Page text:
7 Bankruptcy Code The three chapters most relevant to the distressed business seeking protection under the bankruptcy code are Chapter 11 (Reorganization) Chapter 7 (Liquidation) Chapter 5 (Creditors, The Debtor, and the Estate) Rule of Absolute Priority The bankruptcy process begins with the Chapter 11 filing

8 D EFINITIONS OF F AILURE Defining Business Failure Defining Business Failure A business unable to meet its maturing obligations is deemed to be technically insolvent A business with debts that exceed the value of its assets is said to be technically bankrupt. In the worst case – the business is liquidated

9 Alternatives to Bankruptcy Composition with Creditors Financially stressed business may reach an agreement with creditors to accept less (which is better than nothing at all) There must be a mutual assent between the debtor and the creditors before the composition can be created Those creditors who do not participate are not bound by it.

10 Alternatives to Bankruptcy Necessary conditions for a viable composition The creditor be a good moral risk. Debtor must demonstrate the ability to make a recovery Economic conditions must be favorable creditor’s committee may assume temporary management of the business A composition with creditors is a contract and must be supported by consideration to be enforceable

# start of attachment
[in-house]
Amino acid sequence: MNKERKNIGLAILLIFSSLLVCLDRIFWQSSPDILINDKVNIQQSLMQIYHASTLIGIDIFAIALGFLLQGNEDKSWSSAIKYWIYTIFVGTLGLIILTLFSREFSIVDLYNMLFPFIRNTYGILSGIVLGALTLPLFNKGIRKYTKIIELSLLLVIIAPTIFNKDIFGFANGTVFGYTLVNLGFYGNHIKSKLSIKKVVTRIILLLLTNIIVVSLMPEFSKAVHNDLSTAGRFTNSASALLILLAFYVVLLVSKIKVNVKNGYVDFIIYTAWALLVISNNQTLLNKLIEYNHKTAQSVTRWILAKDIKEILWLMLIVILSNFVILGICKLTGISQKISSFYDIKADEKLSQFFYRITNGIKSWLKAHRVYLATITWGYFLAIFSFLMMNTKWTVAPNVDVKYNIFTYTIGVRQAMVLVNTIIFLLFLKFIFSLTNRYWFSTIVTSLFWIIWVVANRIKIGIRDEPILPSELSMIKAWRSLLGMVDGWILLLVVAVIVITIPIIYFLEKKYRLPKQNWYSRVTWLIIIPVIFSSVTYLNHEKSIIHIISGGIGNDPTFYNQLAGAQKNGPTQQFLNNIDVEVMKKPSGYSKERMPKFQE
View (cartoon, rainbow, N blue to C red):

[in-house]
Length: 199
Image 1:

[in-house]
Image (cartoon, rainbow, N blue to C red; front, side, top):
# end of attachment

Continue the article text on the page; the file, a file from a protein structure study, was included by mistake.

11 Chapter 7 Liquidation If per chance the bankruptcy court, on the advice of the trustee, determines that there is no viable means for the business to return to financial health, then a liquidation of assets is ordered under procedures outlined in Chapter 7 Settlement with creditors is accomplished in accordance with Chapter 5, Section 507 of Title 11 U.S. Code (as amended in 2006) Satisfaction by assignment of assets or cash

12 Bankruptcy Proceedings for Individuals Individuals may file for reorganization of debts under Chapter 13 Allows individuals with a regular income and limited debt to undergo a reorganization of their debts under the supervision of the federal bankruptcy court (repay over 3 to 5 years) Individuals may also file for bankruptcy and the elimination of most debts under Chapter 7

13 Pros   When you file bankruptcy, it stops all collection actions by creditors, including foreclosures, repossessions, and garnishments Most states allow you to exempt your home, car and other essentials, so you will not wind up homeless and unable to get around.   Declaring bankruptcy now can get you started sooner on rebuilding your credit and your life. If there is another disaster, you may be able to amend your existing Chapter 13 plan to accommodate it.   While nothing will get rid of student loan debt, at least bankruptcy will prevent your lenders from aggressive collection action.

14 Pros   So is being sued for bad debts, having your car repossessed or your home foreclosed on.   If your creditors sue you, your name will be in court records and may appear in the newspaper.   Both judges and trustees have heard far worse stories than yours.   Credit cards helped you get into this mess. They can get you into another one just as quickly.